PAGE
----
Accordingly, the solution according to the invention is distinguished by the construction of at least one groove, in particular a V-shaped groove in the housing body, and by at least one recess that also at least partially includes the base of the groove such that light exiting or entering a mounting tubelet laid in the groove can transilluminate the base of the groove.
The mounting tubelet in this case contains at least two optical conductor sections positioned axially one behind another. Light is injected or extracted at a beveled end face, provided with a wavelength-selective filter or a beam splitter, of a waveguide section in the transverse direction. The light reflected at the beveled end face transilluminates a glass ferrule containing the optical conductor, and subsequently the mounting tubelet, for which purpose the latter preferably has a longitudinal slot. Subsequently, owing to the recess in the base region of the groove, the light can transilluminate the base region of the groove and exit the housing, it being preferred for an optical transmitting and/or receiving assembly to be coupled to the housing in the exit direction. The beam path is correspondingly inverted in the case of an injection of light into the optical conductor.
The forming of a groove, in particular a V-shaped groove, provides a self-adjusting configuration that automatically fixes the mounting tubelets inserted into the V-shaped groove in two degrees of freedom (x- and y-directions). It is likewise possible to make a rotary adjustment of a mounting tubelet with respect to the angle of rotation in a simple way by rotating the mounting tubelet in the V-shaped groove about its own axis, the optical conductor sections disposed in the mounting tubelet also being rotated together with the beveled end faces of the sections such that the direction of the transverse light extraction can be set easily.
In a preferred configuration of the invention, there is provided in the housing body a springing element that presses the mounting tubelet into the groove and thereby in a simple way permits the mounting tubelet to be held in a springing fashion and disposed with more precision in the groove. The springing element preferably serves in this case as a self-adjusting prefixing mechanism during mounting subsequent to which additional fixing can be performed.
The spring element is preferably constructed as a flat spring platelet that is mounted in the housing. The spring platelet is fastened, for example, at undercuts and/or projections on the housing body. The construction as a flat spring platelet has the advantage that force can be transferred onto the mounting platelet via a potentially large contact region (the flat surface of the spring platelet), and generous tolerances are therefore permitted. Again, the flat spring platelet provides the mounting platelet with a certain degree of protection against the surroundings of the housing.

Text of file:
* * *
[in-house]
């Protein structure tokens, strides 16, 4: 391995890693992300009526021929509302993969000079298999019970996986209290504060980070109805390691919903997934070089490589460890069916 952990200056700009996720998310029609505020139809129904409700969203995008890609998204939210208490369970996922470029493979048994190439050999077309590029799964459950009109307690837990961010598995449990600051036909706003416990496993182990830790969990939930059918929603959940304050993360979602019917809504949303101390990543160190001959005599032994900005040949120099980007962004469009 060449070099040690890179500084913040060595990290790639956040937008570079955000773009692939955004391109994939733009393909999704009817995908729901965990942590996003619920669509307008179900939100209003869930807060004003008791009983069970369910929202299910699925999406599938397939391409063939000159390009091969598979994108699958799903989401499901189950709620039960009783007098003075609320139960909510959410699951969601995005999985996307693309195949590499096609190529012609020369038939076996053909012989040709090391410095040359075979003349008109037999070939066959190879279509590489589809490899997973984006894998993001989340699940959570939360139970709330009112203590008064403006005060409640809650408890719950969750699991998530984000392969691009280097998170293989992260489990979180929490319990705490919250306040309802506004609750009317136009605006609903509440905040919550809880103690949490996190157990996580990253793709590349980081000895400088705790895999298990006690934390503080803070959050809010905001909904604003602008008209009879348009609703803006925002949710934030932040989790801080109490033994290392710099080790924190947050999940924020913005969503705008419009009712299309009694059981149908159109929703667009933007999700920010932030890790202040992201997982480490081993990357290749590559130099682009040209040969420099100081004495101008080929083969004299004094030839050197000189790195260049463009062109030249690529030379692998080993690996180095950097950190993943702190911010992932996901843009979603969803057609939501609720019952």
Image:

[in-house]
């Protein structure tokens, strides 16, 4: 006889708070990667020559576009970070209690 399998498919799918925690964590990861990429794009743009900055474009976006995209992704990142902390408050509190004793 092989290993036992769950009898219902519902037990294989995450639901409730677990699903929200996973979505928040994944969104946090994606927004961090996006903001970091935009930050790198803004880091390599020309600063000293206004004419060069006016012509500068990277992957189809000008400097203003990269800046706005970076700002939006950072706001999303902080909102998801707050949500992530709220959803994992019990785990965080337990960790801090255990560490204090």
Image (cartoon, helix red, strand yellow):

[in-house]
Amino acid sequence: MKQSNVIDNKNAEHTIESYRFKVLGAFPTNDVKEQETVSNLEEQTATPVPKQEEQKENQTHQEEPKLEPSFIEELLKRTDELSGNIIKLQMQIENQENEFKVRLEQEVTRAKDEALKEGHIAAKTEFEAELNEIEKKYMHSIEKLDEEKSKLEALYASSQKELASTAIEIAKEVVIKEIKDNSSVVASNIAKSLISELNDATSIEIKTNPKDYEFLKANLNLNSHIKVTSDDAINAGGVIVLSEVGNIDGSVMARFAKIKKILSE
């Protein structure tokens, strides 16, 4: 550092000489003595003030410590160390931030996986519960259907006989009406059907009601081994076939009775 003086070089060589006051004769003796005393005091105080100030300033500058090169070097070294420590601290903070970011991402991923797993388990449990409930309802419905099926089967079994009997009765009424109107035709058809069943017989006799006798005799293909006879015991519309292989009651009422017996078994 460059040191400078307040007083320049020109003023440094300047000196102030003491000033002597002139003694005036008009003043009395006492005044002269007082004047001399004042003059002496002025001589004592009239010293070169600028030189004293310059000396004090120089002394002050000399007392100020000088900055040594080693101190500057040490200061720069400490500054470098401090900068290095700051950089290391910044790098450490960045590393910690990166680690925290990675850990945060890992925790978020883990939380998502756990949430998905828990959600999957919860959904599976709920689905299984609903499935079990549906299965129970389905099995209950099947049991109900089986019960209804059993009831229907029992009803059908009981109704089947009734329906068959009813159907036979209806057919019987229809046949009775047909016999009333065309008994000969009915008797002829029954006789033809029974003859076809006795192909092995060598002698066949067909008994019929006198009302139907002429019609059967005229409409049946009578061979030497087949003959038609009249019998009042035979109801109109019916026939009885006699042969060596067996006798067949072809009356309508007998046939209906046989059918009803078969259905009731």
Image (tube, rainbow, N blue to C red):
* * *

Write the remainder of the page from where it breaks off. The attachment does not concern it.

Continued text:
In an advantageous refinement, the housing body has a stop surface that serves as interface for the transmitting and/or receiving assembly, in particular a TO assembly. The housing stop surface is formed by one side, in particular the underside of the housing body. In this case, holding regions are constructed on the housing stop surface for coupling a transmitting and/or receiving assembly, that are formed, for example, as holding bores introduced into the housing stop surface. Circular holding bores for holding a TO cap of a TO assembly in each case are proved, in particular.
For the purpose of coupling the transmitting and/or receiving assembly, the holding regions advantageously directly border the at least one recess in the base region of the groove. This ensures that the light transilluminating the base of the groove is directly injected into or extracted from the transmitting and/or receiving assembly. However, it is also possible in principle for the light first to be deflected, for example by mirrors or prism elements, after transilluminating the base of the V-shaped groove, and then to be injected into the transmitting and/or receiving assembly.
The spacing of the housing stop surface from the optical axis of a mounting tubelet laid in the groove is preferably dimensioned in accordance with the focal length of a transmitting unit or of the sensitive surface of a receiver unit on the transmitting and/or receiving assembly. Fine setting of the necessary imaging lengths can be performed by the thickness of a mounting ring that supports the assembly to be coupled and which is fastened, in particular welded, on the housing stop face. It is thereby possible for components with different imaging lengths to be mounted on the housing. The housing is therefore compatible as regards the use of a multiplicity of different transmitting and receiving components.
In accordance with another feature of the invention, the housing body has a further side opposite the side having the stop surface. The further side of the housing body has a further recess formed therein into which the mounting tubelet and the springing element can be inserted.